1776 ENGLISH POETRY 1579-1830: SPENSER AND THE TRADITION

Allan Ramsay

James Beattie, in Essays (1776) 434.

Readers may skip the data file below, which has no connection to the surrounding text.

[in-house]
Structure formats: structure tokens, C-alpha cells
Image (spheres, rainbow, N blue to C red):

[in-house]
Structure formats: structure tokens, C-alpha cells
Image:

There are many good strokes of nature in Ramsay's Gentle Shepherd; but the author's passion for the Rus verum betrays him into some indelicacies: — a censure that falls with greater weight upon Theocritus, who is often absolutely indecent.... The language of this [Ramsay's] poem has been blamed, on account of its vulgarity. The Scotch dialect is sufficiently rustic, even in its most improved state: but in the Gentle Shepherd it is often debased by a phraseology not to be met with, except among the most illiterate people. Writers on pastoral have not always been careful to distinguish between coarseness and simplicity; and yet a plain suit of clothes and a bundle of rags are not more different.